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Nutritional Yeast: Health Benefits, Tips and a Recipe

Nutritional yeast is the first in our new Superfood of the Month series! Look for great information, tips and recipes for a new superfood during the second week of each month.

Overview and Health Benefits:

There are three varieties of edible yeast - baker's yeast, brewer's yeast, and nutritional yeast. Baker's yeast and brewer's yeast are relatively well-known, due to their roles in helping baked goods rise and for brewing beer. Unlike the other two types, nutritional yeast is an inactive yeast, and is consumed for its nutritional value and flavor.

Most brands of nutritional yeast sold in health food stores are considered primary-grown. Primary-grown nutritional yeast is cultivated specifically for its nutritional components, rather than being the by-product of another process. This type of yeast is typically grown on a mixture of cane and beet sugar, then fermented, harvested, washed, pasteurized, and dried at high temperatures.

Due to this production method (i.e. because it is inactive), nutritional yeast is typically Candida-free, and is often safe for consumption by individuals who have sensitivities to other types of yeast. However, as always, if you have a food allergy, intolerance, or specific medical condition, be sure to do your homework about different brands and food sources!

Nutritional yeast is an excellent source of fiber, complete protein, and several B vitamins, and some brands are fortified with additional vitamin B12. While exact nutrition information will vary by brand, a 1/4 cup serving typically contains about 45 calories, less than half a gram of fat, 3 grams of fiber, and 6 grams of protein.

Incorporating Nutritional Yeast in your Diet:

In addition to its health benefits, using nutritional yeast is a great way to add flavor and creaminess to sauces, spreads and toppings. It also adds a salty/cheesy flavor and richness to casseroles and other entrees. Here are a few tips on making this healthy and tasty addition to your diet:

As a Topping: Nutritional yeast makes an awesome vegan substitute for parmesan cheese. Try spinkling it on top of pizza, pasta, casseroles, and other dishes for added flavor and nutrition. It is also amazing tossed with air-popped popcorn (get the easy recipe below)!

Cheezy, Garlicky Air-Popped Popcorn

Ingredients

  • 1/2 cup plain popcorn (pops up to about 4 cups when air-popped)
  • Olive oil or other vegetable oil for spraying
  • 1 tsp garlic powder
  • 1 tsp salt
  • 2-3 T nutritional yeast

Preparation

  1. Combine nutritional yeast, salt and garlic powder in a small bowl.
  2. Pulsing the mixture briefly in a blender or coffee grinder is optional, but will make a finer powder that sticks to the popcorn a bit better.
  3. Pop the popcorn according to machine or package directions.
  4. Spray lightly with olive or other vegetable oil (the Misto works great!)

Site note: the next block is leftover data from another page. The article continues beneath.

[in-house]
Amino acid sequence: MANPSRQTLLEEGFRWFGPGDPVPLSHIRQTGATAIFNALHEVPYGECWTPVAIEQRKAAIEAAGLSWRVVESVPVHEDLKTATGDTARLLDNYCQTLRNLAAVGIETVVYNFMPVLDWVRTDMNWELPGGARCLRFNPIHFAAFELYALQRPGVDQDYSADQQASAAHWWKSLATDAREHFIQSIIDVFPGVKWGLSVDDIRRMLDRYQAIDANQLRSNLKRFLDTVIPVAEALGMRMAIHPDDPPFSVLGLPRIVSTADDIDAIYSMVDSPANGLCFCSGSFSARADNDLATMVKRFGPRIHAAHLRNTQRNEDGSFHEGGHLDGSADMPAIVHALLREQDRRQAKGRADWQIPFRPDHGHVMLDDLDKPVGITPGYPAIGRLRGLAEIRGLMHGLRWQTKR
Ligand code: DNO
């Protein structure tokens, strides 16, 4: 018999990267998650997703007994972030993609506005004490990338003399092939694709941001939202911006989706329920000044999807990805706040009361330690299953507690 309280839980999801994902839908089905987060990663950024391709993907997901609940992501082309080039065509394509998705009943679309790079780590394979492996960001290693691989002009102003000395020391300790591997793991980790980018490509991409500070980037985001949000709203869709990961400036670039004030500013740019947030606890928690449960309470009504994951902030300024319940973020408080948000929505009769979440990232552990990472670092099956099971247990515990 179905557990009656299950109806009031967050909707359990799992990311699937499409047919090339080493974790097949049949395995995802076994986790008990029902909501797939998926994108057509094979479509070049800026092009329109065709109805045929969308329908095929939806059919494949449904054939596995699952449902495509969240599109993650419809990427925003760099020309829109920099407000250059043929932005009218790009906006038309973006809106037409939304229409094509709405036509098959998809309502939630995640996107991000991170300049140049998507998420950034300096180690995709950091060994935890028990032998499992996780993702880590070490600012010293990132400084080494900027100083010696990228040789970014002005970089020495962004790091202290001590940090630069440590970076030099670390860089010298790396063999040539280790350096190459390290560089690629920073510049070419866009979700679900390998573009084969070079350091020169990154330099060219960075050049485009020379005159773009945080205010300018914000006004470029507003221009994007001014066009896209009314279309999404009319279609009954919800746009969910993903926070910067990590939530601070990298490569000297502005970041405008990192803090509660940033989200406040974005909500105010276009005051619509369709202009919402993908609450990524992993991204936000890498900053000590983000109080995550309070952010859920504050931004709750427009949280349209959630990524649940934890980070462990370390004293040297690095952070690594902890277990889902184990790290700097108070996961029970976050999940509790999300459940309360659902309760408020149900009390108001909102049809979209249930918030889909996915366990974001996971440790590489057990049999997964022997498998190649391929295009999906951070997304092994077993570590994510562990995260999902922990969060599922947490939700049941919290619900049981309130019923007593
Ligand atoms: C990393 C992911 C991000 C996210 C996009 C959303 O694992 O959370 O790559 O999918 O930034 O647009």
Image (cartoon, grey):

5. Sprinkle with yeast mixture and toss to ensure even coating.
  6. Repeat spraying and sprinkling until you reach desired level of coating.
  7. Enjoy immediately or store in an air-tight container for up to a couple of days.

 

 

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7 comments on “Nutritional Yeast: Health Benefits, Tips and a Recipe”

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led bulb wattage
6 Months Ago

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Sara
10 Months Ago

Thank you for the information and the recipes! I just heard about nutritional yeast the other day and I have to admit that I am jazzed that I will be able to eat something cheese like that is actually good for me!


Reply
earthmama
1 Years Ago

Hi will you please recommend some brands that are not fortified with any additional synthetic vitamin B's? Every brand I have found is! Also, Brewer's Nutritional Yeast by Lewis Labs is a primary grown nutritional yeast with no sythetics added, and the only nutritional yeast I've found that is certified not to be grown on GMO sugar beets, no other brand promises this. I dont know what the difference is between the "nutritional yeast" you are talking about and the yeast I mention, maybe a different type of yeast? But I do not want to consume synthetic vitamins or something that's been grown on a GMO plant. I would appreciate links to a product that can promise both! Thanks!


Reply
KB
1 Years Ago

Your article did not comment on the baker's yeast and the brewer's yeast. So what happens with the others?


Reply
Phil
2 Years Ago

Bookmarked! Ever since my wife's diet has gone vegan, we keep a constant supply stocked on the shelf.


Reply
Holly
2 Years Ago

So can you use Brewer's yeast just like nutritional yeast?!?


Reply
Jennifer Valentine: Editorial Manager, OneGreenPlanet.Org
20 Mar 2012

No, brewer's yeast is very different! Make sure the container says nutritional yeast :)



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